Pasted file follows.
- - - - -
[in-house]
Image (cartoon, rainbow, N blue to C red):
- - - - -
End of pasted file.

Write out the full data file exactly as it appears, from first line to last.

[in-house]
Image (cartoon, rainbow, N blue to C red):